- For Intended Parents
- For Surrogates
- For Egg Donors
- Why Hatch?
Building a family through assisted reproductive technology (ART) such as gestational surrogacy comes with additional legal requirements. And for international intended parents, newborn insurance is an especially important part of your journey.
Because your newborn won’t be insured under your surrogate’s insurance policy, it’s necessary that intended parents secure newborn insurance that covers your baby in the U.S. the second they’re born.
Let's learn about why this is so important, and how you can prepare for the birth of your child!
As international intended parents pursuing surrogacy, egg donation, or both in the U.S., you’ll likely have to purchase an insurance policy within the country to ensure that any medical needs will be covered. Gestational surrogacy increases the intended parents’ chances of twins (or multiples), also increasing the possibility of a premature birth.
If your surrogate has twins, delivers early, or both and your newborn(s) end up in the NICU for weeks or months without insurance, your medical bills can easily reach hundreds of thousands of dollars.
Many intended parents come from around the world to pursue surrogacy in the US because of the surrogate-friendly laws. As a domestic intended parent, you don’t need to worry about newborn insurance because your current insurance plan will already cover your baby at birth -- you’ll only need to worry about insuring your surrogate.
And for international intended parents, gaining newborn insurance coverage is achievable through multiple methods. Let’s walk through these accessible forms of insurance.
If you work for a company that offers travel to the U.S. for work and have a U.S. residence, your newborn may also be eligible to gain coverage through this plan. Even if you are not traveling to the U.S. often for work, this can be a great option because it's very cost effective.
Adding your newborn onto your policy will either cost nothing or amount to the typical cost of adding a dependent onto your policy. This insurance plan becomes an even greater possibility if you work for an international government organization.
Multiple companies provide traveler’s insurance, which offers medical coverage of international clients and their newborn babies, with no surrogacy exclusions. However, some of these insurance plans do require that they are held for a certain amount of time prior to the birth of the child, meaning that this plan needs to be done in advance. Many of these plans only cover complications, not routine newborn care.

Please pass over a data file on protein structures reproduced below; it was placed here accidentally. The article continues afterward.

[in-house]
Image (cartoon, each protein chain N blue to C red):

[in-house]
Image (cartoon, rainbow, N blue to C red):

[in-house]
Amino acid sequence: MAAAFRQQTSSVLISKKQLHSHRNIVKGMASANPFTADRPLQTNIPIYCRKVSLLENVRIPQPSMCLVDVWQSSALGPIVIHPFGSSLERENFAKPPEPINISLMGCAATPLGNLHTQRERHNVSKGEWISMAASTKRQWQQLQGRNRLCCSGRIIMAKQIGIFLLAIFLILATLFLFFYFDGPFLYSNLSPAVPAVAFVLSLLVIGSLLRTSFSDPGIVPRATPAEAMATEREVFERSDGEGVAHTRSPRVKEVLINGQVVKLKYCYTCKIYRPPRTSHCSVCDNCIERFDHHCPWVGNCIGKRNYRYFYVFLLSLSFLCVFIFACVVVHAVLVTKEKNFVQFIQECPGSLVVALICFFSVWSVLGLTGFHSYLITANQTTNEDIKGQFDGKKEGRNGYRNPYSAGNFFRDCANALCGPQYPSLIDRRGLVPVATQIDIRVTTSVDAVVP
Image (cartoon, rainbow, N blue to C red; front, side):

If you're pursuing surrogacy with Hatch, your coordinator will walk you throughout the newborn insurance selection process to ensure that your child(ren) are protected.
Preparing for your newborn’s welcome will be one of the most exciting experiences for your family, and this time will be a catalyst for a wonderful new phase in your life: parenthood. It's important to set your little one up for success.
Ensuring your newborn has insurance immediately upon birth is crucial, as they won’t be placed on your surrogate’s insurance policy. Failing to complete this could result in receiving large medical costs not covered by any insurance. And as you likely already know, your surrogate is not liable to cover any charges related to your baby once the child is born.
Luckily, getting your baby on your or your spouse’s insurance plan is a standard process. To seamlessly get your newborn on your insurance policy within the U.S., you can take the following simple steps.
These steps include:
For international intended parents, some of the most cost-effective insurance options must be purchased as soon as 2 months prior to an embryo transfer. Others are applied for just before the transfer and activated at confirmation of pregnancy. While others are applied for during the second trimester. The timing will depend on the plan you select so consulting with an insurance specialist early in the process is crucial to ensure you have access to all options.
Note: Keep in mind that most international newborn insurance plans cover complications only and international parents often must pay in cash for routine newborn care in the US.
Directly consult your insurance provider or company's HR representative to determine your plan’s exact coverage if you have a U.S. insurance plan. If you travel to the U.S. for work and you’re currently insured through your employer, your child(ren) may also be insurable. If you work for an international government organization, you’re likely to have insurance coverage for you and your newborn!
Consult your surrogacy insurance specialist about adding your baby to your policy and insurance plan. At Hatch, we’ll connect you with the necessary legal counsel and resources to best prepare you for insuring your newborn.
Talk to your attorney while drafting your pre-birth and post-birth contracts to determine the best possible date to add your newborn to your plan in ensuring they are covered for the delivery if your plan does allow coverage in the United States.
Preparing for your path to parenthood is stressful, especially when assisted reproductive technologies and third parties are involved. Make sure you’re in the best of hands throughout this journey with the top fertility services, qualified surrogates, and educated, experienced family building experts.
At Hatch, you’ll be taken care of by experienced surrogates and egg donors themselves, with access to the top 5% of donors and surrogates nation-wide. Find out how you can begin making your dreams of a family into reality today by getting in touch with our team, or find your surrogate now.